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  • Tessa Overvoorde

Love is an action, never simply a feeling.

Updated: Feb 15

We could all do with a bit more love, but what kind of love are we talking about?

The ritual of Valentine’s Day has for the longest time felt like a yearly reminder to celebrate and cherish our romantic relationships whilst singing praises about our significant others. A couple of years ago, I recall being in the streets of Paris on this day, noticing how almost every person that walked past me was hustling a bouquet of inexpensive roses for their loved ones.


I guess, at first sight, buying roses for someone you love seems like a sweet thing. But there is something about the standardisation of how we’ve been taught to manifest our love to romantic partners on this day, by means of contributing to an insanely unethical supply chain of flowers amongst other rushed and unoriginal gifts (https://mondediplo.com/2020/03/11roses), that feels more and more disturbing to me. Instead of surrendering to the capitalist pressure of buying things we don’t need to prove our affection, we should take this time to reflect.

Ever since reading “All About Love: New Visions”, I have often had to turn to the words of bell hooks in order to find solace in my understanding of love. Her words have helped me in accepting that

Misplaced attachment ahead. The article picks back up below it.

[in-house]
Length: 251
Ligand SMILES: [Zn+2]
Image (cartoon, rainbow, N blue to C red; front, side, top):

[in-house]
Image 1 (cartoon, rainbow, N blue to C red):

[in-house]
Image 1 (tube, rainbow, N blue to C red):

“love is an action, never simply a feeling”, which expands much beyond the constraining understandings that we often have to describe it❣️

Love is beautiful, and it should be celebrated every day of the year. It manifests itself actively in the form of care, commitment, knowledge, responsibility, respect and trust. It grows and lives in romantic relationships, but also and should be celebrated in our families, our communities, in times of happiness and in times of difficulties, and should be something that is practised by and for our individual selves.


As she claims, love can give us the strength to heal our wounds. Wounds that may have often occurred as a result of a violent series of circumstances, inherent to our capitalist and patriarchal systems.

In my growing understanding of love and care, I’ve learned to place queerness at the centre of it.

In the modern sense of the label, queerness operates as a rejection of the entire process of labelling in itself and rather tends to question the more tangibly political, such as economics, racial injustices and relationships towards the state (Shon Faye, What Does it Mean to be Queer?).

Valentine’s Day as we most commonly know it places an emphasis on relationships that do not question heteronormativity, relationships that dictate who we should love, who we spend time with, give our energy to and who is supposed to fill all of our needs.

Queerness forces us to question all of these deeply rooted understandings of love. Queerness expands our minds on the possibilities of how we can live, how we can relate to those around us, and how we can choose to understand intimacy and community otherwise.


Obviously, I'm posting this on the 15th because why conform to the norm?! 😉

Tessa ❤️


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